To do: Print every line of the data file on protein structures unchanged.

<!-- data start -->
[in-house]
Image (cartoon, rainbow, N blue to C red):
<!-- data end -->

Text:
[in-house]
Image (cartoon, rainbow, N blue to C red):